Bram Cohen Segwit

During a conversation with Muneeb Ali of Blockstack at Blockstack Summit 2017, BitTorrent inventor Bram Cohen shared some of his thoughts on the current state of the Bitcoin development process. Key viewpoints shared by Cohen included a preference for soft forks over hard forks, blaming bitcoin miners for blocking Segregated Witness (SegWit), and what he views as unwarranted vitriol aimed at the Bitcoin Core contributors.

Compatible Changes in P2P Networks

In an early part of the conversation, Ali asked Cohen for his thoughts on how to make changes to P2P protocols that are already deployed on a massive scale. Cohen’s response illustrated a preference for backwards compatible changes, which generally come in the form of soft forks in Bitcoin.

“You have two peers that are talking to each other and a compatible change [or] soft fork is where, if you have a new peer talking to an old peer, they will talk to each other happily and it will continue to work,” explained Cohen. “And you can have incompatible changes where if a new peer tried to talk to an old peer the communications just won’t happen.”

Cohen added that, in his view, compatible changes should be preferred “all the time” because incompatible changes “just kind of don’t work.”

The BitTorrent inventor also clarified that there can be situations where incompatible changes are rolled out over many years. He provided an example of changes in BitTorrent that took place over the course of a decade.

“You really, really want very long time periods of compatibility before you allow incompatibility to happen,” Cohen added.

Pointing the Finger at Bitcoin Miners

In Cohen’s view, the current issues with the development of the Bitcoin protocol are “pretty easy to identify.”

“It’s the miners being butthurt,” claimed Cohen.

Here, it appeared Cohen was referring to bitcoin miners not updating their software to activate SegWit until many months after it had been included in a version of Bitcoin Core.

In Cohen’s view, SegWit was a remarkably good proposal from the contributors to Bitcoin Core. He described it as a bug fix and noted that SegWit should have been included in Bitcoin from day one. The improvement also added a de facto increase in the block size limit, which is a change specific segments of the Bitcoin user base had been clamoring for, in a backwards compatible manner.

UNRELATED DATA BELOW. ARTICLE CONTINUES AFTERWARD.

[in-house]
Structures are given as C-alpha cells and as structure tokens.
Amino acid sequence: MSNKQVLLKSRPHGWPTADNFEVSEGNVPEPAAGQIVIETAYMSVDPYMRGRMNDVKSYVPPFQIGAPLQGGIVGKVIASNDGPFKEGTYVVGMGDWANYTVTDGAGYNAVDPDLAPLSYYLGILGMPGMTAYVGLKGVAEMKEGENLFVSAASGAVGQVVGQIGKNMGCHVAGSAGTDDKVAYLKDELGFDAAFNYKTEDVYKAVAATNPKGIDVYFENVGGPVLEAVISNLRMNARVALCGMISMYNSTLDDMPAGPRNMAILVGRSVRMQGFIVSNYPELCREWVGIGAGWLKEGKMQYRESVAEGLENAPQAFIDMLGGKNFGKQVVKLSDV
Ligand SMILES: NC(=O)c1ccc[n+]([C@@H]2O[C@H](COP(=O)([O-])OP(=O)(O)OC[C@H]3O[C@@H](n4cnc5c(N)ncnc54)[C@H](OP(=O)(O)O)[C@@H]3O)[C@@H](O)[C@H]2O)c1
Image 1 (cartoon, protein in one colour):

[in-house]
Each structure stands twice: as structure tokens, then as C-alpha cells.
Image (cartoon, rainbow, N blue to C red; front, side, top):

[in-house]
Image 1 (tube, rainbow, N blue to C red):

“The expectations were that this would just go through quickly because there wasn’t any objective, good reason to block it,” said Cohen. “And then the miners just kind of started throwing a tantrum and held it up.”

Cohen pointed to the ASICBOOST controversy as a possible reason for the holdup.

“They still seem to have this delusion that they can just like do a hard fork and people will follow them, and I think it’s very important for just the health and viability of Bitcoin generally that the community at large tells them to take a flying leap and understand their place in the world,” added Cohen.

Comments on the Criticisms of Bitcoin Core

In Cohen’s view, the “vitriol” that is thrown at many of the contributors to Bitcoin Core is unwarranted because they’ve been doing normal development and “getting stuff done.” He noted that the source of this criticism for Bitcoin Core contributors seems to come from those developers not wanting to implement bad ideas.

“You came to them with a proposal and they told you it wasn’t a good idea: What more do you want from them?” Cohen asked.

“Almost everyone with a clue is behind [Bitcoin] Core’s general roadmap,” added Cohen.


  1. The spamming to force an unnecessary hardfork to benefit miners is BS.

    We need to start a Mining Cooperative.
    Let’s start coming up with ideas.

    I appreciate the miners attention to self interest, but it getting out of hand.

    Certain parties have noticed how much influence the miners are having on the Bitcoin ecosystem.
    We want to secure that, before it gets out of hand.

  2. It’s more like the unwillingness to compromise with a block size increase with the stipulation that it would be decreased back to 1mb once LN and side chains could take over. This unwillingness to compromise along with the censorship split the community. The miners offered multiple times to go 2x but Core/BlockStream refused or reneged on the agreement. What’s more is the censorship has pushed out all those who questioned the move by BlockStream. What should have happened is that the main forums would have allowed people battled it out until a rational compromise could be created where everyone could agree. The result of the censorship is a divided and toxic community where those in the middle
    have moved on to alt’s and people have stopped promoting bitcoin. The whole ecosystem is now anemic to possible government regulation because no-one cares. Everyone is battling over this stupid block size issue instead of trying to keep the banks from sabotaging bitcoin and crypto in general.

    To the conspiratorial minded, the toxic results would look quite intentional. The reason being is that when people see actions and explanations that don’t make sense, they try to explain them with theories as to why. This usually invokes explanations of: stupidity, or conspiracy. In either case, the result is the same. The community is divided and there is no center.


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